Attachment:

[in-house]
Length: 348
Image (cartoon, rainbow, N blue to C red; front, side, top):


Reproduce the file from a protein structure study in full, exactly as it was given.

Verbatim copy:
[in-house]
Length: 348
Image (cartoon, rainbow, N blue to C red; front, side, top):